Faced with mindless duty, when an audio book player slips into a rear pocket and mini buds pop into ears, old is made new again.
Temple Grandin was diagnosed with autism at the age of 2. With the help of her parents and teachers, Grandin overcame communication difficulties created by autism. After receiving masters and doctoral degrees in animal science, Grandin has worked as a consultant to large slaughter houses and zoos to improve the quality of life for soon-to-be slaughtered cattle and imprisoned wildlife.
As an educator, biologist, and writer, Grandin acknowledges the cycle of life but argues that humans do not have to be cruel when raising livestock, slaughtering animals, or confining animal’ species in restricted environments. Grandin proposes improvements in animal husbandry; particularly for animals grown to be slaughtered but also animals confined to zoos and nature preserves.
Grandin and Johnson’s fundamental insight is that humans need to observe their animals to understand what they like, what they fear, what causes panic and rage, and how humans can make them happy within the circumstances of their lives.
Temple Grandin has a beautiful insight into the behavior of animals. She is not overly sentimental, but instead of clearly interested in all animals being treated with dignity and respect. This book makes me want to read all of her other books.
I love Temple Grandin's writing. She's just one of those people who makes fascinating observations of the world. Her curatorial sense of what's interesting and worthy to share is spot on. For example: wolves in the wild are not, in spite of everything we hear, pack animals. Wolves prefer to live in nuclear families.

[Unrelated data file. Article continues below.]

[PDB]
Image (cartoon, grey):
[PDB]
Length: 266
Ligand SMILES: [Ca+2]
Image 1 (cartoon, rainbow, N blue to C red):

That being said, Animals in Translation is the better of her two animal books. (She also wrote Thinking in Pictures about autism.) AMUH is more of a guide about specific animals. She goes through them in sequence: dogs, cats, horses, cows, pigs, chickens. If you're looking for a manual with specifics for your pet, or if you're a professional who works with animals, this is the more appropriate book. If you're more curious for insights into animal behavior and what it can teach us about our own humanity, Animals in Translation is definitely the place to start. If you like that, this book is enjoyable too, but understand that it's more of a how-to manual for interacting with different types of animals, and packs fewer fascinating new ideas per hour than AiT.
I loved this book. She is so totally amazing in her understanding of animals and human nature. People who eat meat should be required to listen to this book, then they would make sure that the animals they consume (especially chickens) are treated humanely.
The narrator is just not too lively. The book is not too lively. I'm more than 1/2 way through and I have yet to hear anything that is suggestive of the title - unless, we recognize our humanity by (a) owning or caging any animal we desire to own or cage; and (b) once we have them caged we have to learn how to continue to keep them caged successfully. Somewhere in the owning and caging I missed the part that supports doing those acts makes us human. The attitude that we can own and cage any animal that is not human somehow makes me feel a little less human. Learning tricks to continue to keep them caged successfully makes me feel a little bit sick not human. I will finish reading/listening to this book but I think the author is now on an uphill battle to try and successfully pull this off.